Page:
I was about 72kg and went slowly up the climbs.  The reason I was doing 120W rather than 100 is because I needed to put in a bit more effort to keep moving and stay on.   Lots of climbs might include some short ramps that are very steep but the duration is important.  The Grosse Scheidegg and Giau both had about 10km at slightly under 10%.  They are steep climbs, but not stupid. 

Yeah, it's how long the ramp lasts for that can be key. Some of the hills in limburg look benign on paper, until you realised the 15%+ ramps in the middle.

Quote

The hardest thing I have ridden up is Hardknott.  It has two short sections which are 30% but the average is 14%.  It is in the UK so it isn't very long, maybe 3km.  I don't know if the TCR one was like that.  If it was, I would have certainly been walking.  When Mike was running the TCR, everything was rideable - it didn't have the crazy parcours which have now become a feature.

The parcours in the earlier editions certainly seem to be more suitable for actual humans. That's for sure.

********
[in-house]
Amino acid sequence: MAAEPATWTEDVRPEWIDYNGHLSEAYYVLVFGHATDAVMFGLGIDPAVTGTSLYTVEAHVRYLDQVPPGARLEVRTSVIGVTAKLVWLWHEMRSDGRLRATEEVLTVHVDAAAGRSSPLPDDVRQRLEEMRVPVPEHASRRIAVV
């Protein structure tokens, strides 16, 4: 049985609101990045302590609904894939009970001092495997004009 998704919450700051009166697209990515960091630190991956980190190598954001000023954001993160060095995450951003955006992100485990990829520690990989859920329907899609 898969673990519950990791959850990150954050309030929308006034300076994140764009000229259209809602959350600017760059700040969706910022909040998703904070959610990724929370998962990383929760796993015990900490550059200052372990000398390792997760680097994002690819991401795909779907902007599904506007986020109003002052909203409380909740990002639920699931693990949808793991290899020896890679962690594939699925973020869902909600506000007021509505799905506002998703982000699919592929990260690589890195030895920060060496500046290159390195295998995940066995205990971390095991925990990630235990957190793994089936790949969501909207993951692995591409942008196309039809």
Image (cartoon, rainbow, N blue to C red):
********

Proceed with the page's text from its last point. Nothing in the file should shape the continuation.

Quote

My FTP at the time would have been around 230W.  50-60% of FTP is what most people can generally manage on an ultrarace.

Unfortunately 50-60% of my FTP (tho I've not measured it recently, but doubt it's grown significiantly), would be about 60-70 watts. Not enough to get up any significant rise...

Quote
If you can do your FTP for much more than an hour, it's not your FTP!  There are well-established power curves which show, for an FTP of X, what your power should be as % of X, for durations from a few seconds upwards.  If you are significantly below your curve at any point it generally shows a lack of training for that duration.

Yeah, it think I've misinterpreted how FTP works. Not having a power meter it's largely been abstract to me.